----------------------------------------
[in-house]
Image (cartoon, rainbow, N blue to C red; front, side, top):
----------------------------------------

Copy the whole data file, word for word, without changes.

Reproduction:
[in-house]
Image (cartoon, rainbow, N blue to C red; front, side, top):